When negotiating a lease, parties often spend considerable time planning for contingencies, but very little time planning for the resolution of disputes. In an era when even getting a court trial can take years, and the randomly assigned judge's experience with shopping centers may be limited to prosecuting shoplifters, landlords and tenants should give serious thought to including an arbitration of disputes provision in their leases.

Advantages of arbitration Put simply, arbitration is the voluntary submission of a dispute to an impartial person or persons for a binding or non-binding determination. Its advantages are many. For the parties, the informal setting of a conference room instead of the courtroom may help preservethe business relationship and increases the level of confidentiality. The streamlined procedures, such as limitations on pretrial proceedings and discovery, and the ability to schedule a reliable hearing date, generally save time and money. The overwhelming advantage of arbitration, however, is the ability to select a decision-maker with requisite levels of experience, knowledge and skill.

Appropriate issues for arbitration Choosing what issues to arbitrate is the first step. Boilerplate language that casts a net over "any controversy or claim arising out of or relating to this agreement" is not appropriate in the leasing context. For example, evictions are not good candidates for arbitration since most states provide summary (i.e., speedy) judicial procedures, and, in any event, the purpose of an unlawful detainer action is to regain possession, not to resolve disputes. On the other hand, disputes over the calculation of fair market rent, CAM and other charges, questions of compliance, enforcement and interpretation, and virtually any issue involving a determination as to what is reasonable, such as in alteration and assignment provisions, invite third-party review. Construction and maintenance disputes can also be suitable candidates for arbitration.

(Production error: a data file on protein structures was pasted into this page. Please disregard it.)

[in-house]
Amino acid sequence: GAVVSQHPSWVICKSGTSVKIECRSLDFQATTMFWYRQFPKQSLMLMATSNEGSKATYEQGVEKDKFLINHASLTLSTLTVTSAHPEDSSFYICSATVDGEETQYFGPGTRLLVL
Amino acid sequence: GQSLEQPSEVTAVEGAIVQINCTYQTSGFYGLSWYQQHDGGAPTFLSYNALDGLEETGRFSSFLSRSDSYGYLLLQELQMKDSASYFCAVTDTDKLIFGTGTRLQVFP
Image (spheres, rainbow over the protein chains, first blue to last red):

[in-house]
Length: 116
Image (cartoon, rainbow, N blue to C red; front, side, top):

An arbitration provision should state the applicable procedural rules to be followed, be they state law or those of a private dispute resolution organization such as the American Arbitration Association (AAA) or JAMS/Endispute. There are different sets of rules available for different categories of dispute resolution; make sure the rules selected are appropriate for the issue or issues identified for possible arbitration. For example, if maintenance disputes are to be arbitrated, check to see if the governing rules allow for interim measures such as injunctive relief. If not, consider directly authorizing such action in the arbitration provision.

Selecting qualified arbitrators Once appropriate issues and rules are identified, consider the desired background of the person you want to decide certain categories of issues. A retired judge or senior real estate partner in a law firm may be fine for deciding questions of real estate or contract law, but issues involving audits, fair market rental values or leaky roofs may be more suitable for review by accountants, brokers, contractors and engineers. If speed and cost-effectiveness are motivating factors for choosing arbitration over litigation, then by all means specify that one arbitrator, rather than a panel of three, be mutually selected by the parties or assigned by the administrating organization.

Other considerations Since time is of the essence, provide a timetable for starting the arbitration, selecting the arbitrator or arbitrators, exchanging documents and having the decision rendered. Agree on a venue for the hearing in advance, especially if one or both parties maintain offices at a considerable distance from the shopping center location. Give thought to providing for or modifying pre-hearing discovery rules, depending on how much information you believe your side will have or need. Some administrative rules and state laws automatically provide for limited discovery, but others do not unless specifically agreed to in the lease.

Unless the parties simply want an advisory decision or want the right to appellate review, there should be language to the effect that the arbitrator's decision is final, binding, and non-appealable and that judgment on the award may be entered by any court with jurisdiction. If there is a guarantor of the lease, make sure that the guarantor is also bound by the arbitration provision.

The costs of the arbitration should be addressed. Because arbitrators usually require fees up front, make sure that each side is required to advance its share of the costs until a final decision is rendered.

Finally, verify that the arbitration provision complies with any legal notice requirements such as bold type in a certain size and a space for the parties to initial in agreement to arbitrate.